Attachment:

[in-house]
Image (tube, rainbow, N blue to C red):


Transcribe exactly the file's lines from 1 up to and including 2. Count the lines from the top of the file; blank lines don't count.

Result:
[in-house]
Image (tube, rainbow, N blue to C red):